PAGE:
Daniel Thornton, an economist at the Federal Reserve Bank of St. Louis, argues that the Fed’s policy of providing liquidity has “enormous potential to increase the money supply,” resulting in what The Wall Street Journal’s Real Time Economics blog calls “an inflation inferno.” [Personally,] I think it’s too soon to make significant changes to a portfolio based on inflation fears. Here’s why. Words: 550
So says Russ Koesterich (http://isharesblog.com/) in edited excerpts from his original article* which Lorimer Wilson, editor of www.munKNEE.com (Your Key to Making Money!), has edited further below for length and clarity – see Editor’s Note at the bottom of the page. (This paragraph must be included in any article re-posting to avoid copyright infringement.)
Koesterich goes on to say, in part:
Given the recent rise in bank lending, growth in the money supply and unprecedented nature of the Fed’s monetary experiment, inflation is certainly a significant risk. While there is a healthy theoretical debate on whether increases in the money supply lead to inflation, however, I believe the logic is simple. As the supply of money goes up, the value of money drops, causing inflation.
To be sure, the Fed is likely to try to use tools in its arsenal to combat the reality of…[my] theory. According to The Wall Street Journal, the Fed is considering implementing a new bond-buying program along with future possible stimulus to “relieve anxieties that money printing could fuel inflation later.” However, this possible approach, like other recent Fed tools, is untested and it’s unclear how it would work in reality if it were implemented.
What’s certain is that historically, rapid increases in the money supply have historically led to inflation in the United States, though there typically is a lag between money creation and inflation. Historically, it generally has taken two to three years before growth in the money supply has translated into a meaningful acceleration in inflation…So far, the Fed’s asset purchase programs — QE1, QE2 and Operation Twist — have not resulted in inflation. This is because, until recently, the extra money the Fed created sat quietly on bank balance sheets as banks contracted their lending.
Without bank lending, the money supply didn’t rise very much (although the monetary base, which includes bank reserves, has shot up) but the situation, has started to change. Outside of the mortgage market, bank lending has been rising since last summer. Commercial and industrial loans are now growing at 11% year-over-year, the fastest rate since 2008. As bank lending has risen, money supply growth has also started to accelerate; in January, M2 was up over 10% from the year before.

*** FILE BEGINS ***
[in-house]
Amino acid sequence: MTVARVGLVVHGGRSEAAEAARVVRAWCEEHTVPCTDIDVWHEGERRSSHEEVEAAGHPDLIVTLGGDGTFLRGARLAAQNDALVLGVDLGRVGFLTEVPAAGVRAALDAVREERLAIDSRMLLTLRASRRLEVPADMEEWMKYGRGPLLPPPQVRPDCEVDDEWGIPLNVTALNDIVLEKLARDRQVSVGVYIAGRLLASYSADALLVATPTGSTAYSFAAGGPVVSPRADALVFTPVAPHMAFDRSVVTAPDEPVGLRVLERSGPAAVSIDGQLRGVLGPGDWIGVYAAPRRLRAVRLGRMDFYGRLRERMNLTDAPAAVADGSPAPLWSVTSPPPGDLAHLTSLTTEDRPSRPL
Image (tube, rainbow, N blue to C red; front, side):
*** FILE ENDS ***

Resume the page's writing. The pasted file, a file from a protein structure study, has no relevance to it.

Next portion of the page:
With M2 growth just starting to accelerate in late 2011, I’d be surprised to see a sharp spike in inflation this year. [While] headline inflation is likely to rise in the near term due to higher oil prices…this, however, should not be interpreted as the start of a broad spike in overall inflation, which over the long term will be about the same as core inflation.
While higher near-term headline inflation will be a drag on consumers, it’s unlikely to change my inflation outlook unless rising prices spill over into core inflation. [As such,] in my opinion, the risk of inflation is not an imminent one and is more of a risk for 2013 and beyond.
Editor’s Note: The above article has been has edited ([ ]), abridged, and reformatted (including the title, some sub-titles and bold/italics emphases) for the sake of clarity and brevity to ensure a fast and easy read. The article’s views and conclusions are unaltered and no personal comments have been included to maintain the integrity of the original article.
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The developed economies of the world have opened the money spigots…[and this] massive money and credit creation is sitting in the banking system like dry tinder just waiting for a spark to set it ablaze. How quickly it happens is anyone’s guess, but once it does we are likely to be enveloped in a worldwide inflation unlike anything before ever witnessed. [Let me explain further.] Words: 625
Evidence shows that the U.S. money supply trend is in the early stages of hyperbolic growth coupled with a similar move in the price of gold. All sign point to a further escalation of money-printing in 2012…followed by unexpected and accelerating price inflation, followed by a rise in nominal interest rates that will bring a sovereign debt crisis for the U. S. dollar with it as the cost of borrowing for the government escalates…[Let me show you the evidence.] Words: 660
Economists are telling central banks to accelerate monetary growth even faster…to avoid a bank balance sheet implosion with all the deflationary consequences that implies. [As such,] the prospects for 2012, and thereafter, are for Total Money Supply to continue its hyperbolic trend – and when such a trend becomes established it becomes almost impossible to stop because the whole debt-based economy and the banking system would collapse. [Let me explain further.] Words: 550
There is a difference between inflation and hyperinflation…and there is no gradual path from one to the other. To wind up with true hyperinflation, some very bad things have to happen. The government has to completely lose control… the populace has to completely lose faith in the system… or both at the same time. [Are we there yet? Let’s take a look.] Words: 1188